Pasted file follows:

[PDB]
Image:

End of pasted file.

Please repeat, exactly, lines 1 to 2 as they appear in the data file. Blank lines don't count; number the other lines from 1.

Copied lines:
[PDB]
Image: